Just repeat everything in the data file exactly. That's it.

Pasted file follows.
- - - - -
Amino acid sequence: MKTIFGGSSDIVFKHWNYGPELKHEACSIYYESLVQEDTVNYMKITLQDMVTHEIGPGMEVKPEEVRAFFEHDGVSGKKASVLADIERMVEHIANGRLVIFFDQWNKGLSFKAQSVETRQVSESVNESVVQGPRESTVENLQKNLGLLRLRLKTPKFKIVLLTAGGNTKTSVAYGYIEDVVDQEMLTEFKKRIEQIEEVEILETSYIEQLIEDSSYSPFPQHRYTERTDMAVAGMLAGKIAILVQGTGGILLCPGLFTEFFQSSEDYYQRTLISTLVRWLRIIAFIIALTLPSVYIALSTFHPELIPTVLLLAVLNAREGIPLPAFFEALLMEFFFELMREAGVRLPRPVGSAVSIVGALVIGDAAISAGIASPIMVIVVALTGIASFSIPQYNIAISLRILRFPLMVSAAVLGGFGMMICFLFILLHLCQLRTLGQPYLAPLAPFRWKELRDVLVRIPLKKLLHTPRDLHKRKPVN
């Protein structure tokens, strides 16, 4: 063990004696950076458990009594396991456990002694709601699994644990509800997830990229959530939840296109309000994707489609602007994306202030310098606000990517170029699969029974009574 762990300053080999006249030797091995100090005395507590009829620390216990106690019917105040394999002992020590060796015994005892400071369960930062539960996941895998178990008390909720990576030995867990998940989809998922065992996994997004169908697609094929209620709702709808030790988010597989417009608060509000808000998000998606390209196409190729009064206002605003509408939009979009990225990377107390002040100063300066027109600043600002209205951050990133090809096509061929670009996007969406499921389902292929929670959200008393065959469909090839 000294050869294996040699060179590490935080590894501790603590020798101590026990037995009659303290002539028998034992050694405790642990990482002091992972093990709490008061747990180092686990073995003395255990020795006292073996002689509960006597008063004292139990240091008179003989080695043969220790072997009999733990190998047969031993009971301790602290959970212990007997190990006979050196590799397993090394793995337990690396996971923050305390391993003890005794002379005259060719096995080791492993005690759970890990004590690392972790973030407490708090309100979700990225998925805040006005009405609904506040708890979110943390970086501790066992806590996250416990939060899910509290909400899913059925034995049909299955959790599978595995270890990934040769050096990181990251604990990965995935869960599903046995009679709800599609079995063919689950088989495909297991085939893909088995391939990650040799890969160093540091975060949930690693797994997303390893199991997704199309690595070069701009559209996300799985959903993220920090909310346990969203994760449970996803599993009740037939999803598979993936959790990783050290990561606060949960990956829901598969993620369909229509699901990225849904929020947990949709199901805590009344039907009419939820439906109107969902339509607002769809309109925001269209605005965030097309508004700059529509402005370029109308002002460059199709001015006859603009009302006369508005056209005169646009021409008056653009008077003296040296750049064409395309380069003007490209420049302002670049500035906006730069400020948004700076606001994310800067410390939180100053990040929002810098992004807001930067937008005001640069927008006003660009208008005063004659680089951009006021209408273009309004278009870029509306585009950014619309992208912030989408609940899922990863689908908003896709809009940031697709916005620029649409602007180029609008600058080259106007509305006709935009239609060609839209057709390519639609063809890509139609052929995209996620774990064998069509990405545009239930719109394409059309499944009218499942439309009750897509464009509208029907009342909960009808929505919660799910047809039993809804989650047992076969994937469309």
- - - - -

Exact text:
Amino acid sequence: MKTIFGGSSDIVFKHWNYGPELKHEACSIYYESLVQEDTVNYMKITLQDMVTHEIGPGMEVKPEEVRAFFEHDGVSGKKASVLADIERMVEHIANGRLVIFFDQWNKGLSFKAQSVETRQVSESVNESVVQGPRESTVENLQKNLGLLRLRLKTPKFKIVLLTAGGNTKTSVAYGYIEDVVDQEMLTEFKKRIEQIEEVEILETSYIEQLIEDSSYSPFPQHRYTERTDMAVAGMLAGKIAILVQGTGGILLCPGLFTEFFQSSEDYYQRTLISTLVRWLRIIAFIIALTLPSVYIALSTFHPELIPTVLLLAVLNAREGIPLPAFFEALLMEFFFELMREAGVRLPRPVGSAVSIVGALVIGDAAISAGIASPIMVIVVALTGIASFSIPQYNIAISLRILRFPLMVSAAVLGGFGMMICFLFILLHLCQLRTLGQPYLAPLAPFRWKELRDVLVRIPLKKLLHTPRDLHKRKPVN
């Protein structure tokens, strides 16, 4: 063990004696950076458990009594396991456990002694709601699994644990509800997830990229959530939840296109309000994707489609602007994306202030310098606000990517170029699969029974009574 762990300053080999006249030797091995100090005395507590009829620390216990106690019917105040394999002992020590060796015994005892400071369960930062539960996941895998178990008390909720990576030995867990998940989809998922065992996994997004169908697609094929209620709702709808030790988010597989417009608060509000808000998000998606390209196409190729009064206002605003509408939009979009990225990377107390002040100063300066027109600043600002209205951050990133090809096509061929670009996007969406499921389902292929929670959200008393065959469909090839 000294050869294996040699060179590490935080590894501790603590020798101590026990037995009659303290002539028998034992050694405790642990990482002091992972093990709490008061747990180092686990073995003395255990020795006292073996002689509960006597008063004292139990240091008179003989080695043969220790072997009999733990190998047969031993009971301790602290959970212990007997190990006979050196590799397993090394793995337990690396996971923050305390391993003890005794002379005259060719096995080791492993005690759970890990004590690392972790973030407490708090309100979700990225998925805040006005009405609904506040708890979110943390970086501790066992806590996250416990939060899910509290909400899913059925034995049909299955959790599978595995270890990934040769050096990181990251604990990965995935869960599903046995009679709800599609079995063919689950088989495909297991085939893909088995391939990650040799890969160093540091975060949930690693797994997303390893199991997704199309690595070069701009559209996300799985959903993220920090909310346990969203994760449970996803599993009740037939999803598979993936959790990783050290990561606060949960990956829901598969993620369909229509699901990225849904929020947990949709199901805590009344039907009419939820439906109107969902339509607002769809309109925001269209605005965030097309508004700059529509402005370029109308002002460059199709001015006859603009009302006369508005056209005169646009021409008056653009008077003296040296750049064409395309380069003007490209420049302002670049500035906006730069400020948004700076606001994310800067410390939180100053990040929002810098992004807001930067937008005001640069927008006003660009208008005063004659680089951009006021209408273009309004278009870029509306585009950014619309992208912030989408609940899922990863689908908003896709809009940031697709916005620029649409602007180029609008600058080259106007509305006709935009239609060609839209057709390519639609063809890509139609052929995209996620774990064998069509990405545009239930719109394409059309499944009218499942439309009750897509464009509208029907009342909960009808929505919660799910047809039993809804989650047992076969994937469309």